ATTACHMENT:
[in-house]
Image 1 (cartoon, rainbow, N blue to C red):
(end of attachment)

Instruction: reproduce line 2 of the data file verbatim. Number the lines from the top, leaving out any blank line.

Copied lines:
Image 1 (cartoon, rainbow, N blue to C red):